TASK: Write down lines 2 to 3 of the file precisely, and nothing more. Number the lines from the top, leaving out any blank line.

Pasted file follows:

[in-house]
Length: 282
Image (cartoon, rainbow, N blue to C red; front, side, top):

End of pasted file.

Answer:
Length: 282
Image (cartoon, rainbow, N blue to C red; front, side, top):